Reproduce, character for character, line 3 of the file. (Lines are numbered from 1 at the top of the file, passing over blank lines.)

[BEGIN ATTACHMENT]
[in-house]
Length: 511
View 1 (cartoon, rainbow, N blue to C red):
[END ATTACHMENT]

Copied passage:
View 1 (cartoon, rainbow, N blue to C red):